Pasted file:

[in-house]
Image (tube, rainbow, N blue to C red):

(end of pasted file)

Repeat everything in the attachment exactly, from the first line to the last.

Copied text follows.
[in-house]
Image (tube, rainbow, N blue to C red):